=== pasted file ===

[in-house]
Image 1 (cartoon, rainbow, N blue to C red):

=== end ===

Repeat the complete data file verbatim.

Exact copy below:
[in-house]
Image 1 (cartoon, rainbow, N blue to C red):